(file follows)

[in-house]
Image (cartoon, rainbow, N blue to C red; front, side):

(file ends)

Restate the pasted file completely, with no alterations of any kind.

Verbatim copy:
[in-house]
Image (cartoon, rainbow, N blue to C red; front, side):